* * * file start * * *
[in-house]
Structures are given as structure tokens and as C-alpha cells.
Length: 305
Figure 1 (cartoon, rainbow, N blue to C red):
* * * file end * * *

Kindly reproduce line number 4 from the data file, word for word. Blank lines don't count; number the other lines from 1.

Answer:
Figure 1 (cartoon, rainbow, N blue to C red):